There have been a lot of reports of concern about two online sites recently, the Momo Challenge and Doki Doki.

The Momo Challenge, whether real or fake, is part of the conversation we are hearing from our students, and is linked to challenges that involve self-harm and suicide.

Doki Doki literature club is a game that starts off innocently as a dating simulation game but, as the player progresses, it becomes very serious, including characters choosing to take their own life.

Now is a good time to remind parents about how to ensure their child is safe online. There are three kinds of risk online:

  • content
  • contact
  • conduct

Like teaching children how to cross the road safely, it is essential that we teach young people how to navigate the online world safely. By building digital resilience in our students, they can respond positively to any risks they encounter online.

You can do this by:

  • going online with your child
  • talking with your child about online content
  • being a good role model
  • teaching your child to be careful with personal information
  • teaching your child to avoid online purchases
  • talking about appropriate online behaviour

School Nurse


The national definition of bullying for Australian schools is:

Bullying is an ongoing misuse of power in relationships through repeated verbal, physical and/or social behaviour that causes physical and/or psychological harm. It can involve an individual or a group misusing their power over one or more persons. Bullying can happen in person or online, and it can be obvious (overt) or hidden (covert).

Bullying of any form or for any reason can have long-term effects on those involved, including bystanders.

Single incidents and conflict or fights between equals, whether in person or online, are not defined as bullying.

Signs a parent or carer might notice include if their child:

  • doesn't want to go to school or participate in school activities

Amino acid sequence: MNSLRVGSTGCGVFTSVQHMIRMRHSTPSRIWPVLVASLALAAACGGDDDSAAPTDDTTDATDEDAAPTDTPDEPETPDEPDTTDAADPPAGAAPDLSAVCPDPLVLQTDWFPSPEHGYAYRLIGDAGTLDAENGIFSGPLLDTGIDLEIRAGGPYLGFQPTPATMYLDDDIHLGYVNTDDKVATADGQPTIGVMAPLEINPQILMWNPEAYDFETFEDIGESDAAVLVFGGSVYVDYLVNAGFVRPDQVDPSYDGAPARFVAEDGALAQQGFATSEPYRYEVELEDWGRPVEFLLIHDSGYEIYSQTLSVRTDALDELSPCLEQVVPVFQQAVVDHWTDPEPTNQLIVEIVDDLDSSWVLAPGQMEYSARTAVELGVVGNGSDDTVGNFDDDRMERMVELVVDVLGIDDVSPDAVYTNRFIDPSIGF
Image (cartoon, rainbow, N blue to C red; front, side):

• changes their method or route to school or is frightened of walking to school
  • drops in academic performance
  • changes in sleep patterns
  • changes in eating patterns
  • has frequent tears, anger, mood swings
  • takes money from home
  • has unexplained bruises, cuts, scratches
  • loses or brings home damaged belongings or clothes

The signs of possible bullying online can be the same as signs of other bullying, but include other behaviours with phones and computers, for example:

  • being hesitant about going online
  • seeming nervous when an instant message, text message or email appears
  • being visibly upset after using the computer or mobile phone, or suddenly avoiding it
  • closes the screen, or hides the mobile phone when others enter the room
  • spending unusually long hours online in a more tense, pensive tone
  • receiving suspicious phone calls, emails or packages.

March 15th, 2019 was National Bullying No Way Day.

Visit their webpage for lots of great information.

Learning Areas


World Science Festival

Congratulations to Lara Riley, Stephanie Riley, Amber Mell and Jeslyn Schaeche-Odine on being selected to travel to Brisbane for the World Science Festival.

The World Science Festival “explores and celebrates the entanglement of science and art through a curated program of thought-provoking conversations, inspiring theatrical and cinematic experiences, interactive workshops and engaging demonstrations.”

This event is accessed through the Mathematics department and is fully funded by CSIRO, Queensland Museum, BHP and CHOOSEMATHS.


Newton Moore Stars

Seth Kirwan & Liam Oakey

Two Newton Moore students attending South Regional TAFE – Certificate III Accounts Administration, have been acknowledged with Letters of Commendation. The following comments were made by their Lecturer, Mandy Read:

This group of students is absolutely delightful to teach. They are so keen to learn and I have not had a group of students with such excellent manners ever in my teaching career. The two young men from Newton Moore Senior High School have a natural aptitude for accounting and I really do hope that they continue with accounting studies in the future.

Congratulations Seth and Liam.

Tylar Gallaghan & Kyle Oliver

Congratulations to Tylar and Kyle, who have secured traineeships in Certificate II Stevedoring at QUBE.

T & E

Thanks to Ms Read-Smith, our Home Economics department was lucky enough to secure a grant for two coffee machines. Year 10 and 11 students are starting Barista training and are going to make available the purchase of coffee to staff and upper school students during Term Two.